Thursday, 10 March 2011


Barbie Hsu is the name of one of the actresses in this film (far right). The world feels a better place to me just knowing that.

You almost certainly won't have heard of this film unless you're a die hard fan of wuxia. (Wuxia is the Chinese genre of historical martial arts swordplay which is very popular in the Far East but a bit of a cult for Western audiences). ROA was released there last year and is a collaboration between producer & co-director John Woo and writer & director Chao-Bin Su. Basically it was directed by Chao-Bin with Woo overseeing the production and he was, I've read, on set every day. Although the rights have been sold in America, Adi Tantimedh (writing on the website Bleeding Cool which is where I learned about it) suspects it might just get buried. And it isn't available in Europe either. The only way you can get hold of a copy is from a Far East dealer -I got mine from Hong Kong for only £6.95 (free postage) on Ebay, along with the new Tsui Hark film Detective Dee which is based on the Robert van Gulik Judge Dee novels and I'll be reviewing it soon.

And on with the film which, in case you weren't paying attention to the image above, stars the sublime, the wonderful, the amazing-
-who, as far as I'm concerned, is enough reason alone to buy the DVD. But there are other reasons, lots of them.

Okay, the mcguffin is this -the body of a revered Buddhist monk has been split into two, get them back together and whoever owns it rules the world of martial arts.

Now, the leader of the Dark Stone clan of assassins wants it for himself. Drizzle, his most skilfull warrior (played by Kelly Lin) steals it, hides it, goes to see a surgeon and emerges later as Zeng Jing (Michelle Yeoh). Yeoh sets herself up as a clothes seller and resists the efforts of her neighbour to find her a husband. Instead she finds herself attracted to the kind-hearted one-man post office service Jiang A-shen and they get married. Inevitably the hunters find her and she has to both try and keep her husband safe while maintaining her secret. Needless to say she fails and as the action gets wilder, more and more secrets are revealed including that of her husband. Be honest, you knew he had to have a secret. It would have been more of a surprise if he hadn't.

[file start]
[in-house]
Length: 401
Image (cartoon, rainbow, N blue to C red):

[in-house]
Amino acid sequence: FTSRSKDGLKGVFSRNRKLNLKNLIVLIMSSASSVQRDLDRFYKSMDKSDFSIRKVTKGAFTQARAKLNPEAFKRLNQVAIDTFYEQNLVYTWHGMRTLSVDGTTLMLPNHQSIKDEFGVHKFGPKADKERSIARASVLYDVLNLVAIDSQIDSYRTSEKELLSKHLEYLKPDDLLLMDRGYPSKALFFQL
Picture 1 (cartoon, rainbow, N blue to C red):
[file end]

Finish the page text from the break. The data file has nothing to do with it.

This is a bold and confident movie. Despite it being an action movie, the writer-director is confident enough in his cast and his characters to allow for long sections of character beats, permitting the viewer to get to know and have more of an emotional investment in them. These sections work well, helped by the skill of the actors so that they are always interesting. Yeoh is, of course, the star of the show. Despite her reputation for her physical skills, which earned her the unqualified admiration of Jackie Chan, she is also a very fine actress who gets better as she gets older. She can suggest so much while appearing to do little.

It goes without saying that the action set pieces are a bravura showpiece of the actors and stunt persons skills, the fight director, and the editing. There's some great wire-fu work which is all the more effective by being less showy than other wuxia movies I've seen. I did notice that some of Yeoh's sequences are performed by stunt people when once she would have  done them herself but she is 50 next year and she must be slowing down no matter how fit she is.

This is just a terrific film and it would have been a good one even with another lead actress, but Michelle is the icing on a very fine confection.

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